Mark Mills

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The Lost Son Review


OK
Forget 8MM. The Lost Son's look at a troubled P.I. who gets caught up in what turns out to be a nasty child prostitution ring is exceptional considering it's barely anything more than a direct-to-video thriller packed with stars that barely speak English.

French ┬żber-actor Daniel Auteuil stars as Xavier, an investigator with a seedy past -- he's had a mysterious scrape or two, and now, to get by, he does double time, accepting money for an engagement only to blackmail the subject for more. When a wealthy woman (Nastassja Kinski) and her family hire Xavier to find a grown man who's gone missing, Xavier ends up cracking a child porn gang wide open.

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Rock My World Review


Grim
An old English couple poses as servants and allows an American rock band to stay at their country estate for a week. This ridiculous story just about scrapes bottom when Alicia Silverstone applies glitter makeup to the face of Joan Plowright. Pity Peter O'Toole, who is so far above this material and yet takes everything in stride. He almost makes the movie worth watching for his stuffy butler performance.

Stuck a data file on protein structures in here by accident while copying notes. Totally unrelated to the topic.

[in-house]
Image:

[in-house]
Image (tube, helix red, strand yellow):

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The Reckoning Review


OK
Starting out as a cunning variation on the crime thriller, this medieval mystery (set in England at the end of the 14th century) moves with dramatic vigor and an engrossing build. Too bad it gets bogged down in the final reckoning, with grand themes and indulgent speechmaking designed to ensure we get the message. We do, but it brings out the worst in our performers.

Putting the tale into motion is Nicholas (Paul Bettany), an earnest but lustful priest who is caught bedding a married woman of his flock and fleeing from his town in disgrace. On the road without any prospects, he encounters a troupe of itinerant actors making their way from town to town and earning their keep by staging scenes out of the Bible for an entertainment-deprived, rural public. Offering his limited skills, Nicholas convinces Martin (Willem Dafoe), the troupe's main man, to accept him into the ensemble against Tobias's (Brian Cox) grousing against it. Martin's sister Sarah (Gina McKee), on the other hand, is quick to overcome her initial distrust and soon develops a growing affection for the fair-haired newbie. As her eyes increasingly fasten on him, she brings a hint of sexual tension to the scenario.

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Mark Mills

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